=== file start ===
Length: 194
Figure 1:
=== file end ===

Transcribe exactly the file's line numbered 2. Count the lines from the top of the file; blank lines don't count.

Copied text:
Figure 1: